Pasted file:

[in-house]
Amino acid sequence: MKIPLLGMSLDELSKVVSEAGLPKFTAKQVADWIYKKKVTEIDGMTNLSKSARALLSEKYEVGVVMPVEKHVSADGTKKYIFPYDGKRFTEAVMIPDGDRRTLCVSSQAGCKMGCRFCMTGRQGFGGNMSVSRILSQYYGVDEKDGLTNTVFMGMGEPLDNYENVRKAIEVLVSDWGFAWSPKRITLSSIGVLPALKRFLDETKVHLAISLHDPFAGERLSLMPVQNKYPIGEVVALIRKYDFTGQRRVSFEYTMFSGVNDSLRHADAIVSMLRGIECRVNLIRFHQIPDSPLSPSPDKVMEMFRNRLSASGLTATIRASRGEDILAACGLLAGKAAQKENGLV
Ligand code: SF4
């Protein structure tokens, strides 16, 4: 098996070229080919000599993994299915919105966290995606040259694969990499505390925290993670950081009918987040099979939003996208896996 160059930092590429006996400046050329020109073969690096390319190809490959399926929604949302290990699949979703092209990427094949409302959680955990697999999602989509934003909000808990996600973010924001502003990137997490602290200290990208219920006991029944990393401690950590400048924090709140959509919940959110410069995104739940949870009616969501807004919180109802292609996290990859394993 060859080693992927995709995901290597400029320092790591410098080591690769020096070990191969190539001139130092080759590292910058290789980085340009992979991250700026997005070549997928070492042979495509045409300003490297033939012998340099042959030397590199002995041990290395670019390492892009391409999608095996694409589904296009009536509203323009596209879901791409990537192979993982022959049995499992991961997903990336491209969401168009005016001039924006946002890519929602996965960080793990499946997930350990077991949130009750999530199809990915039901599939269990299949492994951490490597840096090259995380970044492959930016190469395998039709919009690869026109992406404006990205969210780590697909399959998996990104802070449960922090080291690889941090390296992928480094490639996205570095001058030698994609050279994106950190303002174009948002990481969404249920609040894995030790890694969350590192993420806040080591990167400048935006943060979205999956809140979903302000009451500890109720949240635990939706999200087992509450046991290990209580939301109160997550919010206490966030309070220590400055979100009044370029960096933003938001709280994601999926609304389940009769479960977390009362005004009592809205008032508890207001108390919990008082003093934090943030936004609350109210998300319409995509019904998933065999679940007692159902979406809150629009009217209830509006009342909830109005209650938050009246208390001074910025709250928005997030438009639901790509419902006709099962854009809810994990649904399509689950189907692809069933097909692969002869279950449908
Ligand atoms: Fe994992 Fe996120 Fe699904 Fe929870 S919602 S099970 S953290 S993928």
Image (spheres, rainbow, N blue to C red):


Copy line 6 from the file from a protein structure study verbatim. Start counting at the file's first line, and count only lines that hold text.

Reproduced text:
Image (spheres, rainbow, N blue to C red):